Letter: Base2 — what’s inside matters
Base2 — what’s inside matters
There will be a new building on the current site of the Conoco gas station (which sees around 200 cars a day). The gas station will be gone regardless of the outcome of the vote. We will see a new entry-level lodge (around 20 cars a day) with some of the smallest rooms ever built in Aspen — one-half to one-third the size of the Limelight’s. Or a commercial building that very likely would house a national pharmacy or bank (around 300 cars a day). While the commercial option would provide a slightly smaller footprint, the height likely would be exactly the same.
While I prefer to make aspirational comments of support for seeing a new tiny-room lodge built in Aspen, sadly I find it better to address some of the misinformation that has been propagated. I and the rest of City Hall are taking the parking plan that was submitted as legally binding. More importantly, I am willing to say here and now that I deserve to be tarred and feathered in public prior to immediately resigning my council seat if I vote to allow Mark Hunt to move parking off-site, even if woolly mammoth remains were found and he tried to make a hardship case about needing to move parking off-site. No underground parking, no hotel approval — simple as that.
Secondly, there was never any “back-room deal.” If anyone should be blamed for encouraging the idea of a small-room, entry-level lodge to the community over yet another international bank or pharmacy chain, it should be me. I made it my No. 1 council goal when I successfully ran in 2011 and 2015, and I worked hard to see it be part of the entire council’s top 10 goals. This goal was partly based on 40 years of the community asking for new, entry-level lodging via the Aspen Area Community Plan. I challenge anyone to read the plan and point out where it asks for another bank or pharmacy. How does 40 years of a published community goal plus more than 100 hours of public meetings on lodging and this application be considered a “back-room deal”? Curiously, even the main instigator of the accusation suggested we work with lodge developers in a letter to the editor dated Aug. 3, 2014 (“City Council should be courting developers,” Aspen Daily News). He laid out four suggestions, one being: “Get City Council into the business of courting developers and out of the business of chasing them away.” Full letter here: http://www.aspendailynews.com/section/letter-editor/163295.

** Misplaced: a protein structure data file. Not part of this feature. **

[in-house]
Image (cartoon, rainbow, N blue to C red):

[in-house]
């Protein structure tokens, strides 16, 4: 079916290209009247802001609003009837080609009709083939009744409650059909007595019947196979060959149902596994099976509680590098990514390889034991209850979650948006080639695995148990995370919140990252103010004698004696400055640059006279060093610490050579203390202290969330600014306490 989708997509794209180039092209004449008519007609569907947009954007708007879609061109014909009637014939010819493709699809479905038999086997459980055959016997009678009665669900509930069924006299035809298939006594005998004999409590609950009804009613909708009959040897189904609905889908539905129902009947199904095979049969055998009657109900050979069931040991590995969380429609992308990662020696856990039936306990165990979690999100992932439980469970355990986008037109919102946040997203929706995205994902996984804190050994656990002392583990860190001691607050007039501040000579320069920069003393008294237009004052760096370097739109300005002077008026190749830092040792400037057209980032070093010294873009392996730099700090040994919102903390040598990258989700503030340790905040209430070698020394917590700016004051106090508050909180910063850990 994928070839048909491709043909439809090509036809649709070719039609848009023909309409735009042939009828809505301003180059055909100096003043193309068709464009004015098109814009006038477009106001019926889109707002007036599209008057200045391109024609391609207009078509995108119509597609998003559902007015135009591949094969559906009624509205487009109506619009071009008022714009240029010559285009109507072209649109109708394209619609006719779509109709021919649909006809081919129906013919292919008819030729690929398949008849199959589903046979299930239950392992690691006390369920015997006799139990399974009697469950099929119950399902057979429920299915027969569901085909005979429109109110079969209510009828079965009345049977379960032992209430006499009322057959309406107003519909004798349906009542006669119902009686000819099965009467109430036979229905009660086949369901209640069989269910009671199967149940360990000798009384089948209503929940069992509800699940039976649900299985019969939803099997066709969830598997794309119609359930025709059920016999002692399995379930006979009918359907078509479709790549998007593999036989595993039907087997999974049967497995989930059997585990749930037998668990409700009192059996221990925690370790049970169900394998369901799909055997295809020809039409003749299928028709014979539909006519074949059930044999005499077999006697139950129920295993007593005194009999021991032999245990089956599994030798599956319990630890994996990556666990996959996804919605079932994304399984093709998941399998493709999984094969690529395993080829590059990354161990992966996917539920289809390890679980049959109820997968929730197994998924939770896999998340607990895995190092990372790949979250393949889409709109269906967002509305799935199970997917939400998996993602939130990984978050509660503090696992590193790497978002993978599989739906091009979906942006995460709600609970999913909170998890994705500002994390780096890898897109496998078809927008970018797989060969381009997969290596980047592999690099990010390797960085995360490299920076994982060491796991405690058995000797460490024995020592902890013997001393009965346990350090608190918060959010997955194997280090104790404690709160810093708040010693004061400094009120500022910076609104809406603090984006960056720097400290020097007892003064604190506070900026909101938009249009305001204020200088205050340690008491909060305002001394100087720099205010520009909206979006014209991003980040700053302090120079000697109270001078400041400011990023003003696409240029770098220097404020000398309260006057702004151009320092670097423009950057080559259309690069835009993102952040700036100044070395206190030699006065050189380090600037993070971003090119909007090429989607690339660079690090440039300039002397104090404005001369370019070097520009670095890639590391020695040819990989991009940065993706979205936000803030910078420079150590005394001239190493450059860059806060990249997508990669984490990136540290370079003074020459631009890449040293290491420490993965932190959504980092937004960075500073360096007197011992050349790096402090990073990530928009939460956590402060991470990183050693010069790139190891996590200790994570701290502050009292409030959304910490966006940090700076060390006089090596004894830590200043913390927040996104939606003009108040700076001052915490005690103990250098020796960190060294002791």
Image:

Last, but certainly not least, I truly appreciate many in the community who desire to speak out against the overall recent development pattern and activity in Aspen by using this project as a proxy but saying please find an application that, if turned down, keeps the status quo, or the other option is something the community actually likes. Punish the developer, punish City Hall, but please do not punish the community with another bank or pharmacy. Please vote “yes” on 2A.
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Richard Compton’s life will be celebrated in an informal gathering on Oct. 23 from 1-3 p.m. at the Pine Creek Cookhouse. All are welcome.